By PETER SUR
Tribune-Herald staff writer
The Windward Planning Commission is set to vote on approving a senior center in Ocean View, within a State Land Use Agricultural District.
If approved by the commission at its Nov. 9 meeting, a 3,840-square foot center with a certified kitchen could be built just mauka of Mamalahoa Highway, near the intersection of Lotus Blossom Lane and Princess Kaiulani Boulevard.
Ocean View Seniors Association, a nonprofit group led by President James Stutheit, is requesting a special permit to allow the establishment of the senior center, which will double as a community shelter and an emergency shelter with a capacity of 100 people.
The association says in its filing the building will offer classes on health, finances, Hawaiian culture and language, host community meetings and will feature a garden for growing vegetables and flowers.
The center, which will be open from 7 a.m. to 10 p.m., will not have any permanent employees. Its board members are unpaid volunteers, the filing says.
Stutheit could not be reached for comment, but the concept of a senior center has support from the county and the community.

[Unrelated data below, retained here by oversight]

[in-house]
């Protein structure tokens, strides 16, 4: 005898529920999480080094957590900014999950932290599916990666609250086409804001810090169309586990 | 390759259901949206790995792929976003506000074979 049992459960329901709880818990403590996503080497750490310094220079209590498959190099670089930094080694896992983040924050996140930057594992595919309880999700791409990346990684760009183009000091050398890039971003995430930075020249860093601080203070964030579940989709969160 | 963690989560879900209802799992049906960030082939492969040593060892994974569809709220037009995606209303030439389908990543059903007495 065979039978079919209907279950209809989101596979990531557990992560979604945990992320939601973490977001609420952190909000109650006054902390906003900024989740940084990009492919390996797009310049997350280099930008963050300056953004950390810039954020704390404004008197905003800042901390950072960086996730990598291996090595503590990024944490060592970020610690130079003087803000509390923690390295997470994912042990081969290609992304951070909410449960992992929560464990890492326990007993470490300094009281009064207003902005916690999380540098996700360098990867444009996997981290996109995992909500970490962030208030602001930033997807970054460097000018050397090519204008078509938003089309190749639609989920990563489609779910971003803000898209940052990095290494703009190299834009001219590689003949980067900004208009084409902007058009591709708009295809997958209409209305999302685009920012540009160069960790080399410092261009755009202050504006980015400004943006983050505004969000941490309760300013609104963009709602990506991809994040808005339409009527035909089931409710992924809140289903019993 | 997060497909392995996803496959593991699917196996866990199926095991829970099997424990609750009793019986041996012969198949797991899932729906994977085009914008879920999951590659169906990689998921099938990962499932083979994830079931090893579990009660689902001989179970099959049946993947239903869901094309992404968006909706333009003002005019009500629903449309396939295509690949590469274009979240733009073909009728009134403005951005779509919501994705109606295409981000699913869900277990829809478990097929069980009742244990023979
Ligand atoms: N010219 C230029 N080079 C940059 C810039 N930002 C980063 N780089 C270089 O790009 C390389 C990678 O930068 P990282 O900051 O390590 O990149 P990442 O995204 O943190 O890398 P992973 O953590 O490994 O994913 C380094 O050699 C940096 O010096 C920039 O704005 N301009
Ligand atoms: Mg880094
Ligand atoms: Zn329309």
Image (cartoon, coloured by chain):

“If they can get a senior center, our office will be 100 percent behind it,” said Alan Parker, director of the county Office of Aging.
Currently, senior services are limited to the facilities at St. Jude’s Episcopal Church in Ocean View, and at the community center of the Ocean View Community Association.
“It seems like a great idea,” said Gil Robinson, president of the Ocean View Community Association. “They need their own building.”
Filings with the county Planning Department from the Ocean View Seniors Association, which is unrelated to the OVCA, state that the center will be used for community meetings, for cooking items for sale from a commercial classified kitchen, provide space for programs mandated by the Older Americans Act, including nutrition programs, and for seniors to meet informally for fellowship.
Robinson described the proposed senior center as within walking distance of the Ace Hardware complex of stores.
Because of the senior center’s remote location in a private subdivision, no public utilities are available.
“Water will be obtained by catchment or by trucking, electricity will be generated from solar or back up generators, sewage will be treated by a septic system, telephone service will be by cell phones,” the application says.
The county Planning Department is giving Stutheit’s association a positive recommendation before the Windward Planning Commission. The commission meets at 9 a.m. Nov. 9 at the Aupuni Center conference room in Hilo.
Email Peter Sur at firstname.lastname@example.org.